Move over disabled line cutters, fake "service dogs" are the newest and most fashionable way for the entitled to pimp their status.
New York City has been hit by a glut of phony "service dog" tags which can be purchased online. The tags allow "ordinary" dogs to enter restaurants, grocery stores, and malls, despite those businesses' "no-pets" policies, reports The New York Post.
So what, if anything, is being done to curb the use of fake service dogs?
The Americans with Disabilities Act (ADA) delineates requirements for an animal to be considered a "service dog" and limits them to dogs who can do work or tasks for people with:
- Wheelchairs, or
- Visual or auditory impairment (e.g., blind or deaf).
Because of a combination of federal law and state and local public accommodation laws, private businesses that are open to the public cannot discriminate against or refuse service to disabled persons who use a service dog for that disability.
Fake 'Therapy Dog' Tags and ID Cards
However, the system for identifying service animals is unregulated by the ADA. So state governments have taken up the cause, providing a patchwork of differing requirements for licensed service animals.
Latching on to suckle at the lifeblood of these laws' good intentions are the fine purveyors of fake dog tags emblazoned with words like "service animal" or "therapy dog." The tags give the false impression that the dog must be allowed in retail stores under state and municipal law.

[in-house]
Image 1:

Under NYC's laws, the dog's owner must present documentation for the service animal upon request. But one NYC restaurateur told the Post that even without official paperwork, "for five bucks, you order a patch off eBay, and it works 90 percent of the time."
Even more insidious are ID cards provided by the U.S. Service Dog Registry, a governmental-sounding but ultimately private agency that will register a dog as a service animal for free without providing any certification or proof of a dog's training or the owner's disability.
Are Fake Tags Illegal?
The ADA does not require dogs or their owners to display a specific form of identification, so there is no specific federal law regarding forging or copying a legitimate service dog tag.
However, passing off a "therapy dog" tag from eBay as one that was issued by a New York government agency with intent to defraud may land fake service dog owners behind bars for forgery.
Until more rigorous regulation of service dogs is implemented, fake service dogs will likely continue to infiltrate your favorite restaurants and coffee shops.
- Fake 'Service Dogs' Ease Problems of Completely Able-Bodied New Yorkers (The New York Observer)
- Legal to Ban a Customer's Service Animal? (FindLaw's Free Enterprise)
- Service Animals Allowed in 'No Pet' Apartment? (FindLaw's Law and Daily Life)
- Should You Have an Employee Pets Policy? (FindLaw's Free Enterprise)